According to Jeordie Shenton, Tonic Rider Coordinator and Ph.D. researcher in the U.K., one of the most significant opportunities for change is “recognizing that everyone has different needs and preferences for how they support their mental health. There’s no right way or wrong way.” Tonic Rider is an organization that provides non-clinical mental health support to people in the music industry. Shenton says they help equip people with the skills to manage mental health concerns in various circumstances. They focus on preventative workshops, peer support, training, and providing clinical support when required.
Through my recent graduate research in psychology and well-being, I have researched and written about diversity, equity, inclusion, organizational hierarchies, and workplace communities and how these dynamics can support or detract from a person’s health and well-being. Over the past five years, I have also investigated mental health in the music industry. These two perspectives have joined to create a better understanding of how various marginalized groups operate within the larger industry community, including the crews. Management is at the top, then the artist (if it’s a superstar, possibly the other way around), the audience, and then the dozens or hundreds of people who ensure the show goes on. They often have very little autonomy and agency. Feeling disempowered and working in a toxic culture contribute to low psychological and emotional well-being. This can lead to further tension and harmful interactions, even within crew teams, representing a compelling social science concept known as “crabs in the barrel.” According to the research, this phenomenon is when individuals within a given status group create competition and hierarchy, often leading to negative interpersonal relationships and toxic work environments as they fight for dominance. Many roadies report that the worst behaviour and interpersonal treatment comes from supervisors within their ranks.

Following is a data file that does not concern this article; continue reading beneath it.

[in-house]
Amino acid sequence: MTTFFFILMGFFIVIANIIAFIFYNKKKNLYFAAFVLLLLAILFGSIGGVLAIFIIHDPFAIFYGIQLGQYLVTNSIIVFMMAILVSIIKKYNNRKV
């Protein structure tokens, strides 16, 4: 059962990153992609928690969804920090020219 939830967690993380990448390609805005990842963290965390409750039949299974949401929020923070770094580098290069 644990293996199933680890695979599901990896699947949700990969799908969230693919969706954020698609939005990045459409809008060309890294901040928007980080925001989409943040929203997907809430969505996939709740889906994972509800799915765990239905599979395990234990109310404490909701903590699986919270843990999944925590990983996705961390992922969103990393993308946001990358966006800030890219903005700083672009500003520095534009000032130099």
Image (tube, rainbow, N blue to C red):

One of the organizations working to improve touring life and home life is The Roadie Clinic, based in Niles, MI. In 2019, Paul and Courtney Klimson started the non-profit organization to support roadie peers and their families. Paul is one of the most sought-after veteran audio engineers in America, with a 20+ year background in touring, television, and recording. He has worked with The Tonight Show Starring Jimmy Fallon, Justin Timberlake, and Drake and provides 1:1 peer chat sessions with roadies in need. In a recent interview, he shared that since touring opened post-COVID-19, gig planning has been erratic and inconsistent, with sudden bookings and cancellations becoming the norm.
Constant uncertainty leads to chronic stress. Recently, a roadie shared with Paul that “life on the road is like being a cop, where you get a huge dopamine rush (a brain chemical that makes you feel great), and then nothing, the plunge. The ups and downs can be very destabilizing.” Many roadies report constant feelings of insecurity, imposter syndrome, paranoia, identity crises, isolation, and struggling to find balance in their lives. Another roadie shared, “There are times when I feel like crying because I’m in these places of awesomeness or beauty, and it’s just me alone and no one I care about to share it with. And this is the crux of entertainment touring.” Roadies can both love and hate their jobs at the same time!